Tea time: A good habit for lower blood sugar

Can’t resist starchy foods and desserts this holiday season? Research at Penn State demonstrates a tasty way to keep rising blood sugar from harming your body.

The answer these scientists came up with: Drink green tea with a starchy food.

Lab experiments show that a powerful green tea antioxidant, epigallocatechin-3-gallate, (EGCG) limits blood sugar spikes when you consume carbohydrates.

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“The spike in blood glucose level is about 50 percent lower than the increase in the blood glucose level of (lab animals) that were not fed EGCG,” says researcher Joshua Lambert. “If what you are eating with your tea has starch in it then you might see that beneficial effect. So, for example, if you have green tea with your bagel for breakfast, it may reduce the spike in blood glucose levels that you would normally get from that food.”

An enzyme called alpha-amylase made in the mouth and by the pancreas helps break down starch into maltose and glucose. EGCG may inhibit the enzymes ability to break down the starch, the researchers believe, since they also found that EGCG reduced the activity of alpha amylase in the pancreas by 34 percent.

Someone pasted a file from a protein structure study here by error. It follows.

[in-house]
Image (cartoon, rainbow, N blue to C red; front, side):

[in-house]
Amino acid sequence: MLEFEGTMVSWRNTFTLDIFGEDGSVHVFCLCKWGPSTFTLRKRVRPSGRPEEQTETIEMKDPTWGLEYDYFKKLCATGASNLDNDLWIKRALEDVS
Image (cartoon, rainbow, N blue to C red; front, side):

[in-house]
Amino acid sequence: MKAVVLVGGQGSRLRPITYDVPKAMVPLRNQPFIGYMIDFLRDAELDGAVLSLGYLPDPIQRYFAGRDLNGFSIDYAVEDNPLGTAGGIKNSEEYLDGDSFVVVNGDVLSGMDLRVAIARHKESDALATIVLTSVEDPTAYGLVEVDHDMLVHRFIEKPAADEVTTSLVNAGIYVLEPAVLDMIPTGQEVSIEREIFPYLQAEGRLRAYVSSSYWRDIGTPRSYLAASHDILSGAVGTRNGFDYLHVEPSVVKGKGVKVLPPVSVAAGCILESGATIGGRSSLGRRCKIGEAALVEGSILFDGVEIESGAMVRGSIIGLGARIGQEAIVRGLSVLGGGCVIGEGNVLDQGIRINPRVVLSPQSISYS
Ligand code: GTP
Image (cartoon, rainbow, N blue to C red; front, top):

But leave the sugar out of your green tea: “That may mean that if you add sugar into your green tea, that might negate the effect that the green tea will have on limiting the rise in blood glucose level,” Lambert warns.

Lambert added that the green tea and the starch would need to be consumed at the same time. For example, drinking a cup of tea well after eating a piece of toast would probably not change the blood sugar spike.

Carl Lowe

By Carl Lowe

has written about health, fitness and nutrition for a wide range of publications including Prevention Magazine, Self Magazine and Time-Life Books. The author of more than a dozen books, he has been gluten-free since 2007.